Transitional Style Defined
FInd out how to add transitional design to your home
Trans-what? Given the popularity of transitional style, it's surprising how many people aren't aware that it even has a name. The transitional look has gained steam over the past couple of decades, as the contemporary glitz of the '80s gave way to a dual craving for style and comfort. It's versatile, accessible, and open to interpretation—major reasons for its mass appeal. (View 1000s of transitional-style rooms.)
Clean and classic yet of the moment, transitional decor nimbly straddles the line between traditional and contemporary with a relaxed, inviting air that offsets streamlined furnishings and minimal accents. Simple but not austere, warm but not cloying, it feels both fresh and timeless.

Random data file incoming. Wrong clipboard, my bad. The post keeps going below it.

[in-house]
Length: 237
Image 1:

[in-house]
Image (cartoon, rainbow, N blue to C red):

These designer rooms represent transitional decor:
Get the Look
If transitional style hits all the right notes for you, here's how to pull it off.
Neutral colors. There's a hint of minimalism about transitional style, and it extends to the palette. Colors rarely stray beyond neutral boundaries, from warm whites and pale tans to shots of coffee brown, charcoal, and black. That's not to say you can't incorporate color, but it should be the exception rather than the rule—think art and accents, not upholstery and floor coverings.
Crisp, clean lines. Transitional furnishings are stripped down to their essence with no unnecessary embellishments, yet they're anything but boring. Strong lines and a beautiful interplay between lines and curves add ample visual interest to carry a space. Woods tend to be dark and rich; metals are cool and polished.